The judgment of harmlessness, isn’t it a question of law?

It’s the inferences to be drawn from the facts, I suppose.

There’s no reason to think that’s a question of law, I would think.

You can have something that’s genuinely a mixture of legal issues and factual issues, and those are what are called mixed questions of law and fact.

Well, is it any difference in deciding whether a confession is voluntary or involuntary?

William P. Barr:

–Well, here, Justice White, the record is before the Court, and the Court has to make a judgment–

Byron R. White:

Right.

William P. Barr:

–as to whether or not that jury was influenced by the error in the case and whether it had some kind of determining influence on the verdict, and it seems to me that that’s a mixed question.

John Paul Stevens:

May I ask, General Barr, in your… in the notion of deference, do you think it is part of the duty of the Federal court to read the entire record under either standard, Kotteakos or Chapman?

William P. Barr:

Yes, I do, Justice Stevens.

I think the Kotteakos case discusses that extensively, the obligations of the court.

The… so it’s our position that if a claim is cognizable under habeas, and if it’s subject to harmless error review, then one standard should apply, and that is the Kotteakos standard.

Now, in this case, as I indicated, there doesn’t seem to be a plausible argument that this is the kind of fundamental or structural defect that puts it into the automatic reversal category.

David H. Souter:

May I ask you just one final question?

Is there any reason to, if we accept your view, to confine the rule you want to Doyle cases?

William P. Barr:

There is an argument for, obviously, limiting it to the Doyle case or just deciding the Doyle case here, based on what the purpose of the Doyle rule is.

Is it a truth-seeking rule, or is it not a truth-seeking rule?

Does the violation of the rule, therefore, undermine our confidence directly in the reliability of the verdict?

William P. Barr:

And if those considerations are taken into account, then a more limited holding could be issued.

David H. Souter:

But there’s nothing essential in your argument that confines it to Doyle, really.

William P. Barr:

No.

I don’t think that the truth-seeking or the nontruth-seeking distinction for harmless error analysis should generate two different harmless error rules.

I think that distinction should be taken into account in determining whether or not the rule is automatically… the error is automatically reversible, or whether it’s subject to harmless error at all.

William H. Rehnquist:

Thank you, General Barr.

Mr. Shoenberger, you have 3 minutes remaining.

Allen E. Shoenberger:

Thank you, Chief Justice.

Let me state first that the rule in Chapman is not based upon any particular statute.

It was an attempt by this Court to devise what it described in the decision itself as a Federal right or a Federal rule, and it appears it may be a constitutional rule because it’s so closely allied with the enforcement of constitutional rights, but it certainly… Chapman certainly was not interpreting the Federal habeas corpus statutes itself, because the Federal habeas corpus statutes weren’t involved.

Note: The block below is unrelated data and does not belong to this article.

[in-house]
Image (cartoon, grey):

That came later, although a case was argued 4 days before Chapman was announced, the first case in which Justice Black indicated that Chapman ought to apply in Federal habeas corpus, but it’s at least until 1970 that the first, if you will, majority of the Court in collective different decisions indicated that Chapman applied on Federal habeas corpus, as far as I can find.

The standards in Jackson are completely inappropriate for this kind of a case.

Jackson assumes that the jury fact-finding is untainted by any error and then looks at the result of that fact-finding to see whether that fact-finding is so out of the realm of permissibility that it has to be overturned.

We’re talking here about a case where constitutional error clearly occurred, and we submit it had a direct truth-finding relationship to the jury fact-finding, so you start off with a tainted jury determination.

How much that taint… I almost heard, and I don’t think I heard correctly, but I almost heard that the question was a question of percentage.

Did it have a 5 percent or 20 percent difference in terms of the verdict?

We can’t tell.

The jury is in the jury room.

Only it knows.

Indeed, only an individual jury member can know how much a particular factual inference or fact had in relationship to that jury member’s determination of what the vote should be.

Byron R. White:

Do you think it would be error if the district judge on Federal habeas said well, this is an awfully close case, I probably would have come out differently in deciding harmlessness than the State Supreme Court did, but it’s a close case and I’ll just go along with the State Supreme Court?

Allen E. Shoenberger:

I think that’s error.

I think the duty on the–

Byron R. White:

Even though the State courts may know an awful lot more about what might affect the jury in their State than some Federal panel, or some district judge?

Allen E. Shoenberger:

–They may know more, or they may know less in a particular case.

May I finish?

William H. Rehnquist:

You can finish answering.

Allen E. Shoenberger:

The particular application is something that we can’t tell about, and that’s the essence of it.

The duty is the Federal court’s duty to make what it… is the right decision under the existing Federal law, which includes the Chapman standard in this case.

William H. Rehnquist:

Thank you, Mr. Shoenberger.

William H. Rehnquist:

The case is submitted.

The honorable court is now adjourned until tomorrow at ten o’clock.